constraint will ever be hit. Note that constraints should not ban too many
settings of a combination of settings, as GGA's mechanism for finding feasible
configurations is extremely naive.

Common issues

- If the parameter tree is not reading in correctly, check that you don't have
  any mistakenly open <node> tags -- every <node> needs a </node>, or must be
  specified as <node />, when there are no child nodes.

- Check the output of GGA to make sure it is working correctly and passing your
  solver valid parameters! At verbosity level 5 (-v 5) GGA prints out every
  command that gets run so that you can copy/paste the command to see if there
  is any problem. There is quite a bit of output, but searching for GGAGenome
  in the output can help you find the run commands.


(Old) Changelog of GGA:

1.3.2 (May 23, 2014)
 - Fixing for log parameters (Thanks Marius Lindauer for the patch)
 - Fixing bug with trajectory names, causing them to only work for categorical parameters.

1.3.1 (May 8, 2014)
 - Adding "trajname" attribute to node elements in the XML file and updating to use this. This avoids output in the trajectory file
   caused by variable copies due to conditionals (e.g., varname_1, varname_2).
   Now, only "varname" will be output, and only the one that is implied by the
   OR-paths in the parameter tree.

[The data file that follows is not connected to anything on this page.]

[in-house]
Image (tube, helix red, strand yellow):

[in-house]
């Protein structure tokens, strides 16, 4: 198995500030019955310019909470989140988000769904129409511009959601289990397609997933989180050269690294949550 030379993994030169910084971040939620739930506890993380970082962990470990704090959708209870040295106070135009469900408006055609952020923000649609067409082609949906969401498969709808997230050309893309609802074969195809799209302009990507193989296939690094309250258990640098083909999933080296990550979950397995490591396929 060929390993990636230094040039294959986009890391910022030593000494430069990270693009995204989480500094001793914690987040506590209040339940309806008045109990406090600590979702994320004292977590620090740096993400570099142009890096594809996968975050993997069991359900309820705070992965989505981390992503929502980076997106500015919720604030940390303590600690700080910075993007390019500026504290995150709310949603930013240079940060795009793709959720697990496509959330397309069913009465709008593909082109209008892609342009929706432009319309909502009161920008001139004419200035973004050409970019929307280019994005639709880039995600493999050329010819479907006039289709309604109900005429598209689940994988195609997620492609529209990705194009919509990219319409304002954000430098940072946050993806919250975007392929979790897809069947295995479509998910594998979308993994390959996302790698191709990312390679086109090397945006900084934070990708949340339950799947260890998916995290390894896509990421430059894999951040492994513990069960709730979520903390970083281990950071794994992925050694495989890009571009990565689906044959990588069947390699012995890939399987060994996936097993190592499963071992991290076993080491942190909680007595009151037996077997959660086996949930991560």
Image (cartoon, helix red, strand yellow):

1.3.0 (Apr. 4, 2014)
 - Allowing ParamILS/SMAC scenario files to be read in with the -scen parameter.
 - Forbidden parameter settings can be specified in the XML file (see above).
 - Reading in wrapper data during runtime tuning to see if the target algorithm
   crashed. If it did, it is given a timeout (* penalty) to avoid prefering bad
 - Fixed bug in GGAValue.cpp integer regex that was preventing negative values
   from being input correctly, resulting in lots of warnings and possibly even
 - The following minor changes in order to support the CSSC:
 -- Fixing output of $cutoff in the command line
 -- Changes to script to support categorical parameters with quotes
 -- Allowing maximum wall clock time to be specified (-twc <max wall clock seconds> or wallClockLimit in the scenario file)
 -- SIGUSR1 is no longer sent by default to the target algorithm (can be enabled with -su1 flag)
 -- Wallclock time is now reported in the trajectory file (along with user time)

1.2.4 (Jul. 31, 2013)
 - Fixing bug in for handling conditionals. Thanks to Frank Hutter to pointing out this bug on clasp-cssc.

1.2.3 (Jul. 24, 2013)
 - Trajectory output for Yuri
 - Fixing -tc parameter in help message

1.2.2 (Jul. 3, 2013)
 - Thanks to Yuri Malitsky for pointing out the following two bugs.
 - Removing -r from help file because it was apparently never implemented.
 - Instances were not being properly read in when seeds were present (regression from v1.2.0)

1.2.1 (Jun. 29, 2013)
 - Outputting dummy variables in seeded genome from paramils_convert script in
   order to prevent GGAValue segfault.
 - Adding basic trajectory file output (-traj <file path>). Note that this only
   outputs the CPU time and the parameters of the solution.

1.2.0 (Jun. 12, 2013)
 - Adding ParamILS/SMAC PCS to GGA XML conversion script.
 - Allowing GGA to accept instance files that omit the seeds.

1.1.0 (Apr. 5, 2013)
 - Implemented -me and -c, which apparently had not been implemented yet.

1.0.1 (Feb. 4, 2013)
 - Initial public release of GGA